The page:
Saturday, January 19, 2008

Course correction

It came to me in a moment of clarity yesterday that there was no freakin' way I'd be ready to run a full marathon this spring. I was supposed to run nine miles today, on the treadmill. I nearly cried at the prospect.

This is supposed to be fun. In order to make it fun again, I've made an executive decision to stick with the half. Today's long run is six manageable miles.

I may be ready for a full next spring, depending on the amount of weight I lose this year. [How's that for positive thinking?] And I'm setting a definite goal of running a full on or near my 60th birthday, which isn't until 2011. That gives me plenty of time to not only condition myself, but maybe, perhaps, hopefully, even look like a runner.

One of the things I'm acutely aware of when I – heh – "race" is that I don't look like most of the women out there. I'm soft and pudgy and short. I'm always checking to see if there's anyone bigger than I am on the course. I know that's horrible, but there it is – my dirty little running secret.

They, on the other hand, those real runners are strong, lean and tall, with defined muscles and nice tans. And cool clothes.

There I go again, comparing myself to people I don't even know, most of whom I will never see again.

My training last winter was fun, and all I wanted each week was to do better than I'd done the previous week. My body amazed me. I remember the first time I ran seven miles. SEVEN!!! I also remember collapsing for the remainder of that day, but still. I ran seven miles; I'd never done that before.

This time I've done that and more. I could get that thrill by running 14 or 18 or 20 miles, I know I could. But I wouldn't be able to walk the next day. The extra weight I'm dragging around is hard on my joints and especially hard on the soles of my feet.

And it's hard on my spirit, too. I've done really well this week with those little things. It hasn't been as hard as I thought it would be to stop eating before 6:30 p.m., to drink two liters of water each day or to log every morsel. The scale has given me a tiny gift; I'm hoping I still have it on Tuesday, which will be the three-week point in this year's effort. Only then will I feel like I can report any progress.

Mr. Shrinking Knitter made it home just fine, about 8 o'clock last night. He isn't anxious to go back, which is unusual because he considers Vegas the ultimate vacation destination, and he's always ready to go to Vegas. Maybe this is a course correction for him, as well.


ws said...

there is no greater satisfaction than crossing the finish line at a race and seeing thinner women finishing behind me. ok, maybe there are a few things more satisfying than that, but not when I'm a sweaty mess with a timing chip...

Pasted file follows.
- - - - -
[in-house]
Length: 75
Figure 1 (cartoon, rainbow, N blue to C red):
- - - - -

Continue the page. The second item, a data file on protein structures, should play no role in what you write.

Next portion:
Jan B said...

I think that you need to take things at your own pace. Maybe a suitable goal would be to be consistently running on a daily basis and to be increasing the mileage on a monthly basis.

That way you are not pushing yourself into the danger zone when it comes to accidents or injuries and you are not setting yourself up for disappointment if an unachievable goal is not met. Slow and steady wins the race, even if it is a running race.

You can't just arbitrarily decide to make your body do something that it's not ready for, but you can continue to strive to reach that goal by sensible, measured steps.

ws said...

well, I think, and I do a damn lot of that thinking thing, that you should do whatever you want to do. And, if you want to run yourself into the ground and write everyday on your blog to complain about sore muscles then you should do that. And if you'd rather run a half than a full you should do that too.

If one nevers pushes themselves they never know what can be. That's the beauty of life - one does what one wants when they want and no one else can make that decision for anyone.

Oh, and by the way, there is no such thing as an unachievable goal. There are no limits - maybe there is an appropriate time and place for something to happen - but the world is infinite and there is no reason why anything should ever be considered impossible.


Grumpy Chair said...

My dirty little secret: I hoped I wasn't the softest, pudgiest shortest person at aerobics, alas I was, but I still kept up with the amazons.

Strap on your grr (I wear mine everyday)!

P.S. to me, and I'm not a runner, but I would define you as a "real runner".

Mary Gee said...

In the big city where I live, there are always older, rounder, and shorter women than me. But if I were to go to small races like you do, I would be the oldest, fattest, slowest person on the course... and I don't know if I could deal with that.

I am training for a whole marathon - and I won't know if I can do it until a month or so down the road. But I will never know unless I try.